Climate hazards like floods, heat waves and drought have worsened more than half of the hundreds of known infectious diseases in people, including malaria, hantavirus, cholera and anthrax, according to a study.
The researchers reviewed the medical literature of established cases of illness and found that 218 of 375 known human infectious diseases, or 58%, appeared to be made worse by one of 10 types of extreme weather linked to climate change, according to one study. in the journal Nature Climate Change on Monday.
The study traced 1,006 pathways from climate hazards to sick people. In some cases, downpours and floods make people sick through disease-carrying mosquitoes, rats, and deer. There are oceans that are warming and heat waves that contaminate the shellfish and other things that we eat and droughts that bring bats that transmit viral infections to people.
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Physicians dating back to Hippocrates have long linked disease to the weather, but this study shows just how pervasive the influence of weather is on human health.
“If the climate is changing, the risk of these diseases is also changing,” said study co-author Dr. Jonathan Patz, director of the Institute for Global Health at the University of Wisconsin-Madison.
Doctors, like Patz, said they should think of illness as symptoms of a sick Earth.
“The findings of this study are frightening and well illustrate the enormous consequences of climate change on human pathogens,” said Dr. Carlos del Rio, an infectious disease specialist at Emory University, who was not part of the study. “Those of us in infectious disease and microbiology must make climate change one of our priorities, and we must all work together to prevent what will undoubtedly be a catastrophe as a result of climate change.”
In addition to looking at infectious diseases, the researchers broadened their search to look at all kinds of human diseases, including non-infectious diseases like asthma, allergies, and even animal bites to see how many diseases could be linked to climate hazards in some way. including infectious diseases. They found a total of 286 unique illnesses and of those 223 of those seemed to be made worse by weather hazards, nine were lessened by weather hazards and 54 had both aggravated and minimized cases, the study found.
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The new study doesn’t do the math to attribute changes, probabilities or magnitude of specific diseases to climate change, but finds cases where extreme weather was one likely factor among many.
The study’s lead author, Camilo Mora, a climate data analyst at the University of Hawaii, said what’s important to note is that the study isn’t trying to predict future cases.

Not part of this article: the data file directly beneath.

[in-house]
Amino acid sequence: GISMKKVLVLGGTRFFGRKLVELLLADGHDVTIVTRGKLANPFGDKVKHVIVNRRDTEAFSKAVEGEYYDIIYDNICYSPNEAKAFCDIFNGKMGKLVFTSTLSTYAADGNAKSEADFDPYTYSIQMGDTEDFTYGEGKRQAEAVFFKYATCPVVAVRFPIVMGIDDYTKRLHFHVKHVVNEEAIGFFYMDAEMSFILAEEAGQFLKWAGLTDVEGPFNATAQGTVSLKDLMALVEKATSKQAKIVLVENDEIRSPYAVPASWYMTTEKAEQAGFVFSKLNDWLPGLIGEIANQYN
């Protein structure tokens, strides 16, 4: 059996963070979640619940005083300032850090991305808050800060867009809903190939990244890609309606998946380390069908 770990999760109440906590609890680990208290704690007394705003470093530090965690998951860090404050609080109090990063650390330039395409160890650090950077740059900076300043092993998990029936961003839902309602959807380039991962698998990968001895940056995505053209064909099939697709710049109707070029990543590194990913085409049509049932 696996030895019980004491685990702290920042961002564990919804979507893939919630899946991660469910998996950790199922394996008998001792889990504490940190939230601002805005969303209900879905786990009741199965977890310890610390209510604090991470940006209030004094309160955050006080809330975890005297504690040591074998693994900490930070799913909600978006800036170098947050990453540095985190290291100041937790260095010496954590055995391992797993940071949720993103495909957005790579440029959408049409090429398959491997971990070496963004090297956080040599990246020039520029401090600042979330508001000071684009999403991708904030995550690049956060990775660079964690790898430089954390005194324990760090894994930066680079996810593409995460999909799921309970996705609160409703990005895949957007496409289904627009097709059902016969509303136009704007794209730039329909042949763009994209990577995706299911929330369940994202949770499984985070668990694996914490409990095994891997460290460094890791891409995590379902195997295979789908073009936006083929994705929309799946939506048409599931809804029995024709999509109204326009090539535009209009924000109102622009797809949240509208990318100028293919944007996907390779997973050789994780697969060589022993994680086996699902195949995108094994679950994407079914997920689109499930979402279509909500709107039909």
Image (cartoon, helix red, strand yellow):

“There is no speculation here,” Mora said. “These are things that have already happened.”
An example that Mora knows first-hand. About five years ago, Mora’s home in rural Colombia was flooded — for the first time in her memory there was water in her living room, creating an ideal breeding ground for mosquitoes — and Mora contracted Chikungunya, a nasty virus. It is spread by mosquito bites. And although he survived, he still feels pain in his joints years later.
Sometimes climate change acts in strange ways. Mora includes the 2016 case in Siberia when a decades-old reindeer carcass, killed by anthrax, was unearthed when permafrost thawed from warming. A boy touched it, gave him anthrax and started an outbreak.
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Mora originally wanted to look at medical cases to see how COVID-19 intersected with climate hazards, if at all. He found cases where extreme weather exacerbated and decreased the chances of COVID-19. In some cases, extreme heat in poor areas caused people to congregate to cool off and expose themselves to illness, but in other situations, heavy downpours reduced the spread of COVID because people stayed home and indoors, away from the disease. of others.
Kristie Ebi, a longtime climate and public health expert at the University of Washington, cautioned that she had concerns about how the conclusions were drawn and some of the study’s methods. It is an established fact that the burning of coal, oil and natural gas has led to more frequent and intense extreme weather conditions, and research has shown that weather patterns are associated with many health problems, she said.
“However, correlation is not causation,” Ebi said in an email. “The authors did not discuss the extent to which the reviewed climate hazards changed over the study time period and the extent to which the changes have been attributed to climate change.”
But Dr. Aaron Bernstein, acting director of the Center for Climate, Health, and the Global Environment at the Harvard School of Public Health, Emory’s del Rio, and three other outside experts said the study is a good warning about climate change. and health for now and the future. Especially when global warming and habitat loss bring animals and their diseases closer to humans, Bernstein said.
“This study underscores how climate change can load the dice in favor of unwelcome infectious surprises,” Bernstein said in an email. “But of course, just reporting what we already know and what is not yet known about pathogens can be even more convincing about how preventing further climate change can prevent future disasters like COVID-19.”
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